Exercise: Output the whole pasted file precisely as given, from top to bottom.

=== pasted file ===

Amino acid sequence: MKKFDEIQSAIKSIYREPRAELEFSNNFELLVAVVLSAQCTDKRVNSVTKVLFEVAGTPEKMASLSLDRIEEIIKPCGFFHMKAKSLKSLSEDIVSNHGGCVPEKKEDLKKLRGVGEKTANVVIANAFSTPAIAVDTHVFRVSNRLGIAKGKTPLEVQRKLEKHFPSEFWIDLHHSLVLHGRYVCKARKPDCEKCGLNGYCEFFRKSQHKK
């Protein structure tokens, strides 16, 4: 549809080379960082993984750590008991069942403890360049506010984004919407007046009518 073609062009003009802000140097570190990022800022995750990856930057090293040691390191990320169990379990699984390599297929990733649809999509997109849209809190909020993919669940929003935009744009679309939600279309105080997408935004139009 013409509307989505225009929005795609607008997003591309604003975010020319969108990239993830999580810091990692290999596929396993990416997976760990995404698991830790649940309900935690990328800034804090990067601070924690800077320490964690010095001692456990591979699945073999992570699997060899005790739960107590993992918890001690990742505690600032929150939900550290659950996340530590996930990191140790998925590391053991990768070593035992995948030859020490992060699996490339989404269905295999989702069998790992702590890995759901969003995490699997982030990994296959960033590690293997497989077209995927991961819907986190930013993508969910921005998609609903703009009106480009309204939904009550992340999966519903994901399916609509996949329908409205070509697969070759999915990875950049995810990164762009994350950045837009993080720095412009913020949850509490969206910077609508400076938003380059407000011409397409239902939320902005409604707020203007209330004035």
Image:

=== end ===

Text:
Amino acid sequence: MKKFDEIQSAIKSIYREPRAELEFSNNFELLVAVVLSAQCTDKRVNSVTKVLFEVAGTPEKMASLSLDRIEEIIKPCGFFHMKAKSLKSLSEDIVSNHGGCVPEKKEDLKKLRGVGEKTANVVIANAFSTPAIAVDTHVFRVSNRLGIAKGKTPLEVQRKLEKHFPSEFWIDLHHSLVLHGRYVCKARKPDCEKCGLNGYCEFFRKSQHKK
């Protein structure tokens, strides 16, 4: 549809080379960082993984750590008991069942403890360049506010984004919407007046009518 073609062009003009802000140097570190990022800022995750990856930057090293040691390191990320169990379990699984390599297929990733649809999509997109849209809190909020993919669940929003935009744009679309939600279309105080997408935004139009 013409509307989505225009929005795609607008997003591309604003975010020319969108990239993830999580810091990692290999596929396993990416997976760990995404698991830790649940309900935690990328800034804090990067601070924690800077320490964690010095001692456990591979699945073999992570699997060899005790739960107590993992918890001690990742505690600032929150939900550290659950996340530590996930990191140790998925590391053991990768070593035992995948030859020490992060699996490339989404269905295999989702069998790992702590890995759901969003995490699997982030990994296959960033590690293997497989077209995927991961819907986190930013993508969910921005998609609903703009009106480009309204939904009550992340999966519903994901399916609509996949329908409205070509697969070759999915990875950049995810990164762009994350950045837009993080720095412009913020949850509490969206910077609508400076938003380059407000011409397409239902939320902005409604707020203007209330004035």
Image: